'This & That' is the first solo exhibition in Los Angeles by California artist John Millei in ten years. The exhibition features new paintings that bridge formalism and implied figures. Rendered in sweeping brushstrokes and reduced to a few economic gestures, viewers can discern faces and hands in the large-scale paintings.
In these works, abstract marks and brushstrokes assemble to create an abstract image but also imply much more. Wielding cartoon-like reduction and using sumptuous application of oil and Flashe paint, the paintings play with our mind’s evolutionary imperative to find patterns and meaning, such as perceiving faces and expressions in a collection of shapes and lines.
Interested in heads and hands not only because those are the tools of the artist, Millei is also depicting loved ones. After decades of exploring subjects and styles ranging from seascapes to art historical references, these new paintings pull from his personal experience as a parent. A series of four paintings of his daughter show sweeps of hair, blue-green ovals for eyes, and a flopping bow on top of the subject’s head. In a painting of his son, the formal problems of painting are more prominent. A dark background is framed on all sides by brushstrokes at the edges, two comedically simple circles near the middle of the picture become eyes, and a slightly curved mark at the base becomes a smile. The gestalt images coalesce into more than the sum of their strategic painterly moves and lighthearted colors.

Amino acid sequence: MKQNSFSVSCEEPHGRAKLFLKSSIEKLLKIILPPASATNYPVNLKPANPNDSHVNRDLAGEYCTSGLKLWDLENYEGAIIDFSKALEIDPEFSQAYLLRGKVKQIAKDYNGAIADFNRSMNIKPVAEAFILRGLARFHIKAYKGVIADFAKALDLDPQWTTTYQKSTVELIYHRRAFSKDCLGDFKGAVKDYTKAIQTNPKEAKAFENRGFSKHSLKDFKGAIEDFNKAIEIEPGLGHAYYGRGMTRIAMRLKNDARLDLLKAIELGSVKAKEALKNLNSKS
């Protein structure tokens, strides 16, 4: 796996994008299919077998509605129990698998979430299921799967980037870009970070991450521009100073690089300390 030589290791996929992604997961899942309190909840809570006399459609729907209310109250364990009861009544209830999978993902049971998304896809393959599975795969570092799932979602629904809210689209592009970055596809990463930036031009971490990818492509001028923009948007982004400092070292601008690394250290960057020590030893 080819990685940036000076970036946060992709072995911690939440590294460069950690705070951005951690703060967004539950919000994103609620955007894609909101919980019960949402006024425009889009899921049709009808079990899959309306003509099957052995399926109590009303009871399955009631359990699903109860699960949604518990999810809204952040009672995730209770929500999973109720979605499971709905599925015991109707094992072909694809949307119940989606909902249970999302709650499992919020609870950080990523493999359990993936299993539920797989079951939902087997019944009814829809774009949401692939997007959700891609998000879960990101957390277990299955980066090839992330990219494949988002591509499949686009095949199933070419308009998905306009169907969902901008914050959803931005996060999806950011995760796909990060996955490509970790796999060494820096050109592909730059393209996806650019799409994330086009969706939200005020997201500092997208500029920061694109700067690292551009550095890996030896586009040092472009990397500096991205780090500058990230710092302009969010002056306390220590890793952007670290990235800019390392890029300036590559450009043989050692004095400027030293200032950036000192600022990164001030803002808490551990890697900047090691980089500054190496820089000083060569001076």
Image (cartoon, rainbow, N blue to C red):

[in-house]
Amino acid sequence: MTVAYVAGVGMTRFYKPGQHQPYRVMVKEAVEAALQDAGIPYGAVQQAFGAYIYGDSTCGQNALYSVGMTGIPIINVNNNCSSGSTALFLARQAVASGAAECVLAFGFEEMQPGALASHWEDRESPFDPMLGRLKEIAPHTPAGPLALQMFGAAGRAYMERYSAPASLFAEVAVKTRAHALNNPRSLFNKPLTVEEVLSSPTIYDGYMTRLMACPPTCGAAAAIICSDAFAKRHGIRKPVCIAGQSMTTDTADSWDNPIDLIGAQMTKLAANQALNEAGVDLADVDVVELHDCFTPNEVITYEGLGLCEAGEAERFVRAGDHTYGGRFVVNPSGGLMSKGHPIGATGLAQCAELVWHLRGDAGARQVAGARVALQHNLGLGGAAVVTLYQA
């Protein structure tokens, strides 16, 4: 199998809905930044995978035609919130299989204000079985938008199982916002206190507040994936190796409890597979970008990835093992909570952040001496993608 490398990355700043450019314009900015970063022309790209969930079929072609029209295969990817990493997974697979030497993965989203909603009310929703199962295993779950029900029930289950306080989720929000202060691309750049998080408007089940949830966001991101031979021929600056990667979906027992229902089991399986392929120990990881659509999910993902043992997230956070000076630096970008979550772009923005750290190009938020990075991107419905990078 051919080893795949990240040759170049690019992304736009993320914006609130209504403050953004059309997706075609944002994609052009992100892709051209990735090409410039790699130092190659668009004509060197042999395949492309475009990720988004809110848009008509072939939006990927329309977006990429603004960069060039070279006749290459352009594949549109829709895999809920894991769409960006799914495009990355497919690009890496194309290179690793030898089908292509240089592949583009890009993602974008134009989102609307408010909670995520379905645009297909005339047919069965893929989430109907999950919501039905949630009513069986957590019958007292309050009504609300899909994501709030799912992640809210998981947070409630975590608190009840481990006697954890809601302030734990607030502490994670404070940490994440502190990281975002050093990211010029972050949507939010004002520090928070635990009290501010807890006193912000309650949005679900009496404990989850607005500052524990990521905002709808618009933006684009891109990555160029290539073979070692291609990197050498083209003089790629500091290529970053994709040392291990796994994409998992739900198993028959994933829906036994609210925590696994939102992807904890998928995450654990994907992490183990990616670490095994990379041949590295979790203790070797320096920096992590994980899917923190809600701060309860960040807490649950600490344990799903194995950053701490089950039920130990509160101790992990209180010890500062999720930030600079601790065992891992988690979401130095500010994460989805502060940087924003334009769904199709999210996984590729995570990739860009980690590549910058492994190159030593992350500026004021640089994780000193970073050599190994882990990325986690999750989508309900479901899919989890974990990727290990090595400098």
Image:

Recent drawings by the artist are indexical of the human form, marked over graphite rubbings are uncomplicated forms, just the suggestion of eyebrows raised or listening ears.
In all of Millei’s work, the ability for painting to depict complex spaces and subjects while simultaneously giving us a physical experience of the material itself is essential. His work marries the image or subject of the work with equally rigorous attention to the making of, which is always evident in bold strokes of paint across the surface.